Chartered Institute of Procurement & Supply vs. greenwashing
The Chartered Institute of Procurement & Supply has strongly advised UK businesses to end a culture of ‘sustainability half-truths’ and engage with their suppliers to fully understand and communicate their environmental impact.
Supply Chain managers surveyed
Much of the UK’s environmental impact is generated abroad, several tiers down the supply chain in:
- The extraction of raw materials
- Manufacturing of products
A survey by the Chartered Institute of Procurement & Supply has shown that out of 318 UK supply chain managers:
- 19% do not even know how sustainable their products are themselves
- Only 5% of supply chain managers felt their business actively mislead clients or customers about sustainability
- 48% of supply chain managers did not believe their organisation was transparent enough with consumers, clients and regulators about sustainability.
Supply chain’s environmental impact is a ‘messy reality’
Malcolm Harrison, Group CEO of Chartered Institute of Procurement & Supply said he was keen for those working in the supply chain to involve procurement teams in their sustainability strategy.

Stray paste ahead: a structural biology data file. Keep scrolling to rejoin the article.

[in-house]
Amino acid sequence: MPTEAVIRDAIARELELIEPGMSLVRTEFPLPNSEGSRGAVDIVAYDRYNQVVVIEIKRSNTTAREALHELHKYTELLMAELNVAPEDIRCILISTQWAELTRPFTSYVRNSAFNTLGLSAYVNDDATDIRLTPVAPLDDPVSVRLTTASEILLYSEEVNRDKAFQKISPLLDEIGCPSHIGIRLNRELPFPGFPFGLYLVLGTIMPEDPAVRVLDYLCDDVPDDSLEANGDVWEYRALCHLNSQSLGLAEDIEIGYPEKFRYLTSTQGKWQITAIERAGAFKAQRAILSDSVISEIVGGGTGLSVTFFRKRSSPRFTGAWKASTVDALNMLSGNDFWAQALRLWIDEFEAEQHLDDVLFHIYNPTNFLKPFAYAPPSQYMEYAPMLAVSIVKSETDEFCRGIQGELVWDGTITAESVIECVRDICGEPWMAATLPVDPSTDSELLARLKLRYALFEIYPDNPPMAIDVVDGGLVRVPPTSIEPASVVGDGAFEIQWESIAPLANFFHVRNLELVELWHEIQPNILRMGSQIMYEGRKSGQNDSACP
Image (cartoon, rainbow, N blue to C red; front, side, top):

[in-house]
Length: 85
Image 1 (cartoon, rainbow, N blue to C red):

“There is a culture of ‘simplify to sell’ when it comes to sustainability claims which has to end”, said Harrrison. “This move from the CMA should go some way to ensuring businesses understand and address the messy reality of their environmental impact throughout their supply chain. Modern supply chains are long, complex and travel through many countries around the world, so most businesses’ environmental impacts are not immediately visible. The CMA’s new Green Claims Code is a step forward in ensuring that more businesses involve procurement teams in their sustainability strategy. Measuring carbon footprint is not the only key indicator when reporting sustainability impact and supply chain managers are the professionals capable of tracking a product’s environmental impact through the product life cycle. With the CMA review into greenwashing starting in 2022, businesses need to ensure their procurement teams verify any sustainability claims to ensure the business is not being misleading or untruthful about the environmental impact of their products.”